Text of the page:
Sunday, August 30, 2009
How fast does a dog decide if another is friend or foe, playmate or just-another-pack member? In seconds. When Lucy, the foster puppy arrived, she looked at my male Border Collie, and said, "Oh, I'll have someone to keep me company." When she saw my female Border Collie, her ears perked. "Oh, I have a new best friend."
Saturday, August 29, 2009
Turns out that eggs from free-range chickens that eat a varied diet not only look different than their factory-farmed sisters; they also have different nutritional values. Tests show those free-range eggs have more Vitamin E, folic acid, beta carotene, Omega-3s -- and less cholesterol.
Friday, August 28, 2009
When I cracked the egg and let it fall in the skillet, I started. Instead of the vibrant orange-yellow yolks of summer, I found a yolk that was fading with the warm weather. I went to hen yard. "Eat your vegetables," I scolded the birds. The hens gave me their tilted-head, one-eyed stares. Looking around their hen yard, I noticed sparse, browning grass. They didn't have any vegetables. I grabbed a bucket, went to a nearby field and plucked dandelion greens, one of the few greens still found in late fall. The chickens ate them with delight, and in the coming weeks, the yolks returned to the vibrant color of summer.
Thursday, August 27, 2009
What our free-range hens eat: Melon rinds Lettuce Cucumbers Pumpkins Moths Zucchini Earthworms Tomato worms Dandelions and other weeds Clover Insects Tomatoes Apples and pear cores Potato and carrot peelings Scratch grain Laying mash (ground grains like corn, oats, wheat, and other supplements) What most American laying hens eat: Laying mash (ground corn, oats, wheat, and other grains)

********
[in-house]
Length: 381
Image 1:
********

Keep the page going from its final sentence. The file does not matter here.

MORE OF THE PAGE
Wednesday, August 26, 2009
When I made a lemon meringue pie, I smiled at the recipe’s ingredients. Yellow food coloring (optional). Now why would I add color to the lemon filling? No artificial color could top the rich deep yellow-orange of my filling. My secret? The eggs. I use eggs from our free-range chickens. The eggs – with their bright yellow-orange yolks – look nothing like factory-farmed eggs that have pale yellow yolks. The color difference has nothing to do with the chicken breed, egg shell color, or stress levels, and everything to do with the hens’ diets.
Tuesday, August 25, 2009
Sometimes the time it takes to realize something bad is happening, process it, call out a command, have the dog hear it, process it, and react is just too long. I saw the dogs key in on something in the waterway. They're always popping up rabbits, groundhogs, raccoons, deer and mice. But by the time I realize that Tag was chasing a black and white critter, it was too late. Poor Tag does not realize why I don't welcome his cuddles and loving this week.
Monday, August 24, 2009
She’s named after the main character in my novel. Hopefully it will remind me to keep writing. But if my main character starts chewing socks and barking in the middle of the night, I might have to reconsider the dog name.
Meet our new ram lamb!
He’s four months old and just thinking about puberty. I don’t know if 20 ewes staring at him will hasten or delay it. Around Thanksgiving time, he will be turned out with the ewes for breeding season.
When it comes to selecting livestock for breeding, I like to look at the whole package – conformation, mothering ability, temperament, and so on. Some say that temperament shouldn’t matter for livestock – but it matters to me. I want this to be an enjoyable experience. I usually don’t let color play too much into my decision. But this time I made an exception. Katahdins can come in a variety of colors – though most are white or white with freckles. When given the choice of several nice ram lambs, I chose the one with color.